Under the second heat up, various systems of the nuclear reactor are being put through performance tests.

Following these tests, AERB would evaluate the reports of the tests and then give the go-ahead to first approach to criticality, AERB Chairman S.S. Bajaj had said.

After the reactor goes critical, power generation would be stepped up gradually and after it reaches a certain level, the plant would be connected to the grid.

Nuclear Power Corporation of India Ltd (NPCIL) is developing two 1,000 MW nuclear power units at Kudankulam in Tamil Nadu.

AERB had granted permission to load fuel in the first unit of the nuclear power project on August 10 after NPCIL complied with all the conditions laid by it.

A specially-designed robotic arm then began loading 163 bundles of enriched uranium fuel on September 18 and the process was completed on October 2.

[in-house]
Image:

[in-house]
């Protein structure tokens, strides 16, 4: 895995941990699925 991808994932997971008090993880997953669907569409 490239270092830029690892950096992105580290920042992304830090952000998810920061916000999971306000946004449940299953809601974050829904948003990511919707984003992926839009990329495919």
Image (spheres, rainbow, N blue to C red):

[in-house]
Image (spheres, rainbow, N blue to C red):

Commissioning of the first unit was originally scheduled for December 2011 but had to be put off due to protests.

Congratulations to all at KKNPP!

from:  Roy M. Ramavarapu
Posted on: Jan 3, 2013 at 16:20 IST

It's a misconception that Nuclear energy is the alternative to our
energy crisis. Even developed countries like USA and Japan have not
been taking great interest in increasing the installed capacity of
Nuclear Power, and statistics clearly stand testimony to this fact.

from:  Ashish
Posted on: Jan 3, 2013 at 16:17 IST

My only request to Nuclear Power Corporation - Implement a well developed process for each and every Nuclear power plant in India to shutdown the plant at least for a day and once in an year. This is to demonstrate to public that the staff at every plant are capable of quickly achieving a stable state with nuclear fuel regardless whether the plant is ON or OFF or in a transition cycle.